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Textron Financial, Inc. v. Bash

United States District Court, N.D. Ohio, Eastern Division

July 22, 2019

Textron Financial, Inc., Movant,
Brian A. Bash, Trustee, Respondent.




         This matter is before the Court upon Defendant's Motion for Partial Summary Judgment (Doc. 332). This adversary proceeding stems from the bankruptcy of Fair Finance. For the reasons that follow, the motion is DENIED because the Court does not find it to be the appropriate vehicle to address the issue of setoff. Although the Court recognizes that other courts have done so, given the unique posture of, and evidence in, this case, the Court finds it more suitable to address the imposition of a setoff after the jury verdict. However, due to the importance of this issue, and in fairness to the parties involved, the Court will thoroughly address the arguments presented.


         The facts of this case have been set forth repeatedly in other Orders and only those limited facts necessary for a resolution of the instant motion are set forth herein.

         Plaintiff is the Chapter 7 Trustee appointed for Fair Finance Company (“Fair Finance” or “Debtor”). Fair Finance filed a Chapter 7 petition in bankruptcy court. The Trustee filed various adversary proceedings, including the instant case filed against defendants, Textron Financial Corporation (“Textron”), Fortress Credit Corporation (“Fortress”), and Fair Facility, LLC (“Fair Finance SPE”). Textron is the sole remaining defendant.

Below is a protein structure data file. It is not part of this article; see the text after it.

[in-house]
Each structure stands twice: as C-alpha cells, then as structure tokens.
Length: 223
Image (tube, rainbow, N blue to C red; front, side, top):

On January 7, 2002, Textron and another lender, United Bank (later known as Unizan), entered into a loan and security agreement (the “2002 Agreement”) with the Debtor and FHI. The 2002 Agreement created a revolving line of credit on which the Debtor could draw up to $22 million. Under the 2002 Agreement, Textron was granted a security interest in all of the present and future assets of the Debtor and FHI. The Trustee does not seek damages as a result of the security agreement or any payments made up until January 6, 2004.

         On January 6, 2004, Textron, the Debtor, and FHI executed the First Amended and Restated Loan and Security Agreement (the “2004 Agreement”). Under the express terms of the 2004 Agreement, the total amount available to be borrowed at any one time was reduced from $22 million to $17.5 million. Unizan is not a party to the 2004 Agreement. The 2004 Agreement operated as a line of credit, pursuant to which the Debtor made hundreds of draws. In other words, the Debtor would borrow money from Textron and pay Textron back on a fairly continuous basis. In total, it appears that the Debtor received and repaid advances totaling approximately $316 million. At no point, however, could the total amount outstanding exceed $17.5 million. Each advance was referred to as a “Loan” under the 2004 Agreement. Before advancing funds, Textron retained the right to ensure that the Debtor was in compliance with all covenants set forth in the 2004 Agreement. The 2004 Agreement further provided that the Debtor provide to Textron “no less than weekly and upon every request by [Textron], a Borrowing Base Certificate identifying the specific receivables available to secure the advances.” It is the transfers made by the Debtor to Textron pursuant to the 2004 Agreement that are the subject of this motion.